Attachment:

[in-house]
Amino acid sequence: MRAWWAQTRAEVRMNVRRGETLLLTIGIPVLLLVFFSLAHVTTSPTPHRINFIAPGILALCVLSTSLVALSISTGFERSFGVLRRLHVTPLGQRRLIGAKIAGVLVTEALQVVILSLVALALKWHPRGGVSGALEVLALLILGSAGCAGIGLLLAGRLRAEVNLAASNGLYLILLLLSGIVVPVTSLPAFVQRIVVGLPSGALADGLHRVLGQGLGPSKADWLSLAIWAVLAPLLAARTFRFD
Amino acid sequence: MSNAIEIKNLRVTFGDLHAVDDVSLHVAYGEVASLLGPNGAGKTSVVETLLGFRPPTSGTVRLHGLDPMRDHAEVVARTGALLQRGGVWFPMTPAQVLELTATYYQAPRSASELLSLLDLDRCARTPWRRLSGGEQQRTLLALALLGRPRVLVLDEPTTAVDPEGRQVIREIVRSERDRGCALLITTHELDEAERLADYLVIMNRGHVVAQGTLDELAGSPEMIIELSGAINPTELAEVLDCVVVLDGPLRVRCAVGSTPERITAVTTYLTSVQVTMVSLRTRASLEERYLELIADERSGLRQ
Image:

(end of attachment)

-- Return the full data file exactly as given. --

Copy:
[in-house]
Amino acid sequence: MRAWWAQTRAEVRMNVRRGETLLLTIGIPVLLLVFFSLAHVTTSPTPHRINFIAPGILALCVLSTSLVALSISTGFERSFGVLRRLHVTPLGQRRLIGAKIAGVLVTEALQVVILSLVALALKWHPRGGVSGALEVLALLILGSAGCAGIGLLLAGRLRAEVNLAASNGLYLILLLLSGIVVPVTSLPAFVQRIVVGLPSGALADGLHRVLGQGLGPSKADWLSLAIWAVLAPLLAARTFRFD
Amino acid sequence: MSNAIEIKNLRVTFGDLHAVDDVSLHVAYGEVASLLGPNGAGKTSVVETLLGFRPPTSGTVRLHGLDPMRDHAEVVARTGALLQRGGVWFPMTPAQVLELTATYYQAPRSASELLSLLDLDRCARTPWRRLSGGEQQRTLLALALLGRPRVLVLDEPTTAVDPEGRQVIREIVRSERDRGCALLITTHELDEAERLADYLVIMNRGHVVAQGTLDELAGSPEMIIELSGAINPTELAEVLDCVVVLDGPLRVRCAVGSTPERITAVTTYLTSVQVTMVSLRTRASLEERYLELIADERSGLRQ
Image: